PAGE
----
Our research shows that additional mutual obligations did little to improve the employment outcomes of single mothers.

Second, individuals facing multiple barriers need tailored support that identifies and helps address multidimensional challenges.

The effect of domestic violence is hard to pin down

Scaling up individualised support can prove challenging, which is where case management experiments at the local level can help. The new treasury evaluation unit will be in a good position to ensure these policies are designed to be evaluated and assess their results.

As importantly, we need to be able to measure the impact of domestic violence on the economic security, employment and health outcomes of survivors and their children over time, as is done in countries like Finland.

The datasets needed to do this in Australia already exist, but so far the government has not allowed the linkage of longitudinal data on domestic violence and labour market outcomes.

Without the information that would come from putting these datasets together, Australia risks introducing policies, including those designed to assist single mothers who are victims of domestic violence, without a means of evaluating their effectiveness.

Single mothers – whether in paid employment or not – are among the hardest-working members of our society. They deserve better.The Conversation


This article is republished from The Conversation under a Creative Commons license, with changes made by the author to reflect policy changes announced by the Government on Monday 8 May 2023. Read the original article.


Other Budget Forum 2023 articles

The Costly and Unfair Stage 3 Tax Cuts Will Undermine the Progressive Income Tax and Worsen Inequality, by Kathryn James, Guyonne Kalb, Peter Mares, Miranda Stewart and Roger Wilkins.

Inflation Forecast, Fiscal Policy and Personal Income Tax Rates, by Chris Murphy.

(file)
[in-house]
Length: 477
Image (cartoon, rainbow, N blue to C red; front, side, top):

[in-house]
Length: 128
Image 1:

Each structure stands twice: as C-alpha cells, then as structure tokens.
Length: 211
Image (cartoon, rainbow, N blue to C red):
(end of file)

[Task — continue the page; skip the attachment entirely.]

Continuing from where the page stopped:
Financial Support for Those on Low Incomes, by John Freebairn.

Will the Budget Reduce Inflation? By Michael Coelli.

Stage 3 Tax Cuts and JobSeeker – A Slightly Different View, by Andrew Podger.

Equity Is Hard to Achieve When Unfairness Is Baked into the System, by Robert Breunig.

A Small Investment in the Budget With a Big Policy Return? By Nicholas Biddle.

Labor Could and Should Have Gone Stronger on the Petroleum Resource Rent Tax, by Rod Sims.

Straightening Out the Super Tax Breaks Debate, by Brendan Coates and Joey Moloney.

The Priorities of Australians Ahead of Budget 2023-24, by Nicholas Biddle.

This article has 1 comment

  1. Well, most mothers do like to be at home with their children. So do more than a few men. Years ago I shocked Bettina Cass when she was reviewing Social Security and said if my wife died I would be better off quitting my job as Senior Adviser on tax and income security and going on the sole parent pension. I showed her the figures for the after tax income of a single income family with 4 children compared to being a sole parent family after paying off the mortgage and having a bit over from life insurance, preserving my super to age 55 and combining modest investment and super incomes all the way past 65. Work is greatly over-rated compared to children. It is amusing to think I have been a working from home pioneer pretty much since 1989 when I left the CPS!

    As for domestic violence and marital arguments, one does wonder how much is triggered by arguments over money. Given the relative rise in tax burdens of taxpayers with dependants since the 1950s, load shedding of dependants on the State is not surprising. People do crack under sustained money pressures.